FORT HUNTER LIGGETT, Calif. –
U.S. Army Garrison Fort Hunter Liggett in Monterey County administered its first round of the Moderna COVID-19 vaccines to the workforce and tenants at the post medical clinic, March 23-25, 2021. The first wave of Soldiers and Civilian employees arriving from Parks Reserve Forces Training Area (PRFTA), FHL’s sub-installation in the Bay Area, also rolled up their sleeves for the jab.
“People are our number one priority, and their health and safety are critical to our mission,” said Col. Charles Bell, Fort Hunter Liggett’s garrison commander. Because it has been difficult for many people to obtain the vaccine from the various civilian sources, and because Soldiers and many Civilian employees are not in the currently eligible categories, Bell felt it important to speed up the vaccine availability.
Fort Hunter Liggett went through a lengthy process to bring the vaccines to this remote installation, because it did not rate designation as one of the Army hubs for vaccine distribution. Part of that process was to get a freezer capable of storing the Moderna vaccine, which needs temperatures between minus 13 and plus 5 degrees Fahrenheit.
“We are the first installation that has gone through the request process through the Army Reserve over to DoD, so we cracked the code on the process to receive the vaccine,” said Bell. “It’s like Christmas here. I’m glad we have several hundred first and second doses to provide to our tenants, employees, PRFTA and 63rd Readiness Division Headquarters.”
Bell and his command team were the first in line for the vaccine, administered by FHL paramedics and overseen by medical personnel at the Presidio of Monterey.
“I got vaccinated because I wanted to do my part to protect the team,” said Bell. “Protecting the team means you need to protect yourself, your family, and the community.” More clinics are planned to make sure everyone who wants the vaccine gets one.
Ralph Blatz, Plans and Operations Specialist at the Directorate of Plans, Training, Mobilization and Security, said Fort Hunter Liggett was aided by the U.S. Army Reserve Command (USARC) Surgeon General’s Office at Fort Bragg, North Carolina; Maj. Gen. Alberto Rosende, Commanding General of the 63rd Readiness Division; and the Madigan Army Medical Center’s California Medical Detachment (CAL MED) at the Presidio of Monterey.
“It was kind of a bumpy road,” said Blatz, “but it was because we were paving the road for everybody else. There were a lot of moving parts, a lot of people involved. The biggest hurdle was finding who to get our information to in order to trigger our allocation. We worked through Installation Management Command, USARC, Army Materiel Command, Headquarters Department of the Army, trying to figure which path to take.”
The U.S. Army Reserve Command has since released an Operational Order with guidance to allow more installations to administer their own vaccines.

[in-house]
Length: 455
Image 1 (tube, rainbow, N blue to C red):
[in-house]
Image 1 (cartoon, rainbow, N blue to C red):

So now FHL is a miniature hub, supporting PRFTA, the 63rd RD personnel, and Moffett Field. “Hopefully in future, we’d like to travel and take vaccine to these locations versus having entire populations of those installations coming down here,” said Blatz.
On Day 3, residents and family members were given the opportunity to receive the vaccine as well. Another vaccine clinic is scheduled a month from now, to give vaccinated personnel their second doses, and to make more first doses available.
Soldiers and Civilian employees of the 63rd Readiness Division out of Mountain View, joined PRFTA on Day 2. Maj. Gen. Alberto Rosende, commanding general of the 63rd RD, rolled up his sleeve and emphasized the importance of getting Soldiers and Department of the Army Civilians and their families vaccinated.
“They have to be available when the nation needs the Army, so we have to stay ready,” said Rosende. “I’ve got to be sure that I’m healthy for the mission, I’m healthy for my community, and I’m healthy for my family. And I definitely don’t want to be a vector.”
The 63rd RD Command Sgt. Major Patrick McKie said he understands some people are hesitant to receive the vaccine, but seeing command leadership and their families receive the vaccine should put minds at ease. “I believe in the science behind the shot, and it’s the right thing to do for our nation,” said McKie. “The risk is minimal, and the benefit outweighs the risk with this shot.”
Firefighter/paramedics at FHL volunteered to administer the COVID-19 vaccine. That required an application to the Local Emergency Medical Services Authority in Monterey County and additional training.
“Being a paramedic, administering medications is something we normally do,” said Andy Jones, FHL firefighter/paramedic. He received his vaccination two months ago, and advises people who are hesitant to do their own research. “Look at the risk of getting the vaccine versus not getting it,” he said. “See what works best for you. I did a lot of research and I was comfortable getting it.”
Command Sgt. Major Mark Fluckiger said, “We need to turn to science to answer difficult questions like this. There’s enough science out there that supports getting the vaccine. It supports the Sergeant Major of the Army’s initiative, ‘This is my Squad.’ We’re all part of a smaller squad that forms into a bigger squad called the Army.”
Bell concluded, “The sooner everybody receives the vaccine, the sooner we will move back to a new normal -- a world where everybody’s been vaccinated and where we have herd immunity. And it starts with you getting your shot.”